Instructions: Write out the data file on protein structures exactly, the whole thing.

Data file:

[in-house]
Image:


[in-house]
Image: